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No more dog sacrifices in med schools

The new year began with a piece of good news. Case Western Reserve School of Medicine will end cardiology lessons wherein students examine the beating heart of a live dog, which results in the animal’s death. This brings an end to the long-standing tradition of using live dogs in all American medical schools.

According to the Physicians Committee for Responsible Medicine (PCRM), which tracks “live dog labs,” med students overwhelmingly supported finding alternatives to live animals. It’s hard to know if the ethical concerns alone would have turned the tide, but advances in medical simulation technology and computer-based interactive learning, plus a push for human-based models sealed the deal.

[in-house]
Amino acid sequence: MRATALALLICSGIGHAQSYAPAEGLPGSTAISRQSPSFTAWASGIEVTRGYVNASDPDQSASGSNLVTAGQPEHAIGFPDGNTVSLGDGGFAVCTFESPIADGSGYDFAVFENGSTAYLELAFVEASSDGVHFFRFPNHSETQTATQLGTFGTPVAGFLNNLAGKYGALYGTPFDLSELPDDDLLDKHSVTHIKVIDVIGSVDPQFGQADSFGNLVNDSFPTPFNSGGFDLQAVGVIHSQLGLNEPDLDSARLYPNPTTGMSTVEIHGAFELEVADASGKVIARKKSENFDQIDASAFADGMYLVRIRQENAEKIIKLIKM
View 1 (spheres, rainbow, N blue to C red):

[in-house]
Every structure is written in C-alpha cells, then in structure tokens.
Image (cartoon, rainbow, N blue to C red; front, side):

Learn a little more about the recent history of using of live animals, and particularly dogs, in medical schools.

Lisa Wogan

January 2, 2008 in Dogs and science, Humane, Science | Permalink

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Comments

This was a big issue with UC Davis in California a few years ago.

Many people had no idea they used live animals from the Sacramento Animal Shelter at their School of Veterinary Medicine.

Not sure if they stopped this barbaric practice....

Posted by: Urban Pets | Jan 8, 2008 11:36:10 AM

Thank God! I can't believe that this kind of practice was allowed to carry on so far into the twenty-first century.

I am constantly amazed at some of the ways dogs are treated in North America. Shelters gasing dogs, dead dogs in dog food, and now this.

Perhaps I am just too naive. Here in Sweden we've a tradition of human rights but we're also pretty good to dogs it seems.

Posted by: Jon | Jan 2, 2008 11:09:18 AM

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